Laptops get smaller, smartphones get smaller. The screen gets bigger, but the electronics get smaller and smaller. So while all technology gets smaller, why is it that the lenses get bigger? The camera gets smaller, but the lenses get bigger?
I see a point in the Leitz Cine lenses, the Leica S lenses and the Leica SL lenses, that the barrel is of similar size within each concept. I know that is also a consideration for production and readiness of parts and machines. And the Leitz Cine lenses won a technical Oscar for that, so I respect it.
But small is beautiful, isn’t it?
Leica TL2 with Leia 35mm Summilux f/1.4. © Thorsten Overgaard.
Karbe: “The same size lens barrels, that is a platform concept. To have stable correction and new technologies, we implemented scalable processes in the production and all those things that we implemented.
“But the main reason for the bigger size for the SL system is to implement our autofocus technology, to have it very fast and high performance. Some other systems have different autofocus systems, they are very slow, and their performance is not that good. We have designed the focusing inside and then we can control the performance quite well from infinity to close focus.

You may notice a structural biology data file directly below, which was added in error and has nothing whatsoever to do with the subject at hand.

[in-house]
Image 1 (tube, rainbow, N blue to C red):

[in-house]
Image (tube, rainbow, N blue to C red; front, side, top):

“The lenses has auto focus that is able to move very fast, and as we move on, the cameras will be able to move the parts faster.
“The new lenses will be ...ha ha … the MTF is out the roof, there's no space for more. And so, this is the reason why we need it to be bigger, because the electronics required new optical concepts with larger focus groups. Large focus groups in combination with high performance; we want to find new solutions. That's the reason why we are going bigger.
“With the M system, we still target to get the best performance in small size. But as I have said before, the 75mm Noctilux with f-stop f/1.25 is the widest a Leica M lens can be. 60mm in diameter, that is the maximum due to the rangefinder view”.
Leica SL 601 with Leica 50mm APO-Summicron-M ASPH f/2.0. © Thorsten Overgaard.
Overgaard: Yes, you can't really make a 35mm or 50mm smaller. It's like physics, you know. So you say, with future cameras, we're going to get more megapixels, that’s always a given even Leica Camera AG has been nice and kept it to 24 megapixels across the line for a while now.
But you just started scaling the lenses for so many megapixels, and the resulting resolution and quality of the lenses is so high that you can basically crop it.